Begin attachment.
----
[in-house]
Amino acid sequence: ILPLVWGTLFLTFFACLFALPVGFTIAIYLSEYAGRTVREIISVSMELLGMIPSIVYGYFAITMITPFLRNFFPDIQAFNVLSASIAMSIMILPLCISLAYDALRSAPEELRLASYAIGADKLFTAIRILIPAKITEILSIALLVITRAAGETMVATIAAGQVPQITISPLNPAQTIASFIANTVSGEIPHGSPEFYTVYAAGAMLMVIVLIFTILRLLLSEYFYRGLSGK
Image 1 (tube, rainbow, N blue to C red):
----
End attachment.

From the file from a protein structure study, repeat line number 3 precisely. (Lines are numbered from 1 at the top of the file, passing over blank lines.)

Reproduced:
Image 1 (tube, rainbow, N blue to C red):